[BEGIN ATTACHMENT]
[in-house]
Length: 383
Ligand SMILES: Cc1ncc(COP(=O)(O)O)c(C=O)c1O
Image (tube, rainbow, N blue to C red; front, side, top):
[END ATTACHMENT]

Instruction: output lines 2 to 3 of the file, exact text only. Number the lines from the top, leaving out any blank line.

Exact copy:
Length: 383
Ligand SMILES: Cc1ncc(COP(=O)(O)O)c(C=O)c1O